“Rural people are living, and have lived for a long time, at the site of the trouble,” writes Berry. “They have much reason, by now, to know how little real help is to be expected from somewhere else. They still have, moreover, the remnants of local memory and local community. And in rural communities there are still farms and small businesses that can be changed according to the will and the desire of individual people.” This is what is happening in my community, one hour and one Selectboard meeting at a time by people who are committed to doing the long, hard work in the right direction.
Our proposal was approved around 9:30 p.m. that night, and the work of writing and researching the Hartford Climate Action Plan commenced, including hiring a consultant and forming a large working group who are busily proposing a slate of practical solutions. I will never take careful, administrative, detailed organizing for granted again. I now know that the big, bold, exciting, zeitgeisty moments that give me my beloved dopamine hit are built in moments and mediums that are not necessarily thrilling, but are essential. The work of building and adapting local culture is not television-ready. Representative Ocasio-Cortez raising four million dollars in four days for the people of Texas began with her wearing out her shoe leather knocking doors in Queens. The Alabama Amazon union organizing drive probably started with four people in a room or on a Zoom call.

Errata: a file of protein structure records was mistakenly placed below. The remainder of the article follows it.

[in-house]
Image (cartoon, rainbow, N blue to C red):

Meanwhile, the quiet momentum started by my fellow CAC members who are, week after week, husbanding those “remnants of local memory and local community” for the good of our future depends, in part on a  “Yes” vote on Article 22 at Hartford’s Town Meeting March 2nd.  I look at what’s happened in Texas and fervently hope it will pass so that my community will be a little bit more ready for whatever environmental catastrophe is coming our way.
What I have learned about building local culture is that sometimes it’s the quiet, steady work in the right direction that makes the difference. I hope you’ll think about looking for ways to strengthen your local community, too. If a committee of three or four experts, plus one ridiculous and overwhelmed person like me can get the job done in our town, it can happen in yours, too. (You can start by finding information about your local Town Meeting in the Valley News.)
Since, after all, this is meant to be a bookish newsletter, I will hand things off to Louise Erdrich to put this much more poetically.
Have you ever seen, at dusk,
an owl take flight from the throat of a dead tree?
Mist, troubled spirit.
You will notice only after
its great silver body has turned to bark.
The flight was soundless.
— from “Owls”
February 2021
Courtney Cook is a writer based in Wilder, VT. She has degrees from Dartmouth College and the University of Wollongong, Australia, taught English literature for ten years, and now works as a technical writer and marketing manager.  You can read her writing at the Los Angeles Review of Books and in her weekly newsletter, Survival by Book.​​​​​​​